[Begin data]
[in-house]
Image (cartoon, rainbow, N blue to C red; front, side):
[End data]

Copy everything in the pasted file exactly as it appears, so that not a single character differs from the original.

[in-house]
Image (cartoon, rainbow, N blue to C red; front, side):